How to Boost Your Children’s Self-Esteem

How to Boost Your Children’s Self-Esteem
In a highly demanding stress-filled world our children are battered by academic, social and enrichment demands. Grade-schoolers are already working on their college resumes. At the same time the media erodes their self-esteem about their physical appearance and instills them with insatiable material appetites. As parents, we see what’s happening, yet try to buy them comfort: the latest toys, gadgets, clothes, in short, anything that will help them feel confident. Is it working? Well, you know the answer to that. So, how do you boost your children’s self-esteem and insulate them from a one-size-fits-all world?

It begins with you. Whatever you do, a child is always watching you. If you have self-esteem and demonstrate it in your demeanor, in your calm-assertiveness and the ability to adapt when obstacles come your way, then your child will imitate you. If you say no to people who rob you of your time and peace of mind, then your child will do the same. If you separate who you are from what you do, which means if you fail to achieve, you can redirect and improve, then your child will learn from failures. Minimize your stress levels to maximize their happiness. Take this remarkable journey with your child. Learn to live in the present moment. Act now. There are only a series of successive present moments.

In our innate need to protect our children, befriend them and keep them happy, many of us give them a false sense of confidence. “You can do it!” “Never give up!” “It’s the teacher, not you!” “Those kids are mean. You don’t need them.” “Here, I’ll write your term paper for you because you are so busy.” While it is important to advocate for our children, we have to be careful not to trespass into their world. Struggling, falling down, and failing are all necessary components of growing up with the ability to adapt and change. Do not rob them of an optimistic resiliency by giving them unreasonable confidence in their own limitations. Play to their strengths!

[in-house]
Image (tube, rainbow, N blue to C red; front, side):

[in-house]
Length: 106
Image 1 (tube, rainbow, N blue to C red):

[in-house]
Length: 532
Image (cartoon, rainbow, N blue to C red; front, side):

To empower your children try the following:
  • Exercise: Children need to be active to relieve stress hormones and sharpen learning ability which improves by 20% after exercise. Athletics, teams, dance classes and one-on-one sports training create empowerment by literally strengthening both the body and the mind.
  • Healthy eating: If you want children to think highly of themselves, make sure that they eat quality foods, not junk. Food and mood are connected. A rainbow array of fruits and vegetables create sunny dispositions. Lean proteins promote academic success. Whole grains help manage stress.
  • Guiding children to pick a creative hobby: Nurture their creativity. Nothing boosts self-esteem like developing a creative gift which might range from cooking and constructing to singing and writing. Through creativity children can tangibly identify and observe their uniqueness. “Look what I did.”
  • Carving out private time: Children are overscheduled and over-stimulated. They need quality, private time to explore and find their own way to reset their natural rhythm. You don’t have to constantly amuse them when they say, “I’m bored.”
  • Give them responsibilities and chores: Even if you have a nanny or a housekeeper, children need to do chores. Contributing to the household gives them structure and accountability which creates personal pride. Small children can help set the table or pick up their toys.
  • Humor: Laughter breaks negativity instantly. Show your children how to reduce and reinterpret those “little disasters” with a comic eye. Children who have a sense of humor are magnets for positive social relationships.

For more information on boosting self-esteem, read my book, Turn On Your Inner Light: Fitness for Body, Mind and Soul. To listen to archived radio shows with guest experts visit Turn On Your Inner Light Radio Show







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Content copyright © 2018 by Debbie Mandel. All rights reserved.
This content was written by Debbie Mandel. If you wish to use this content in any manner, you need written permission. Contact Debbie Mandel for details.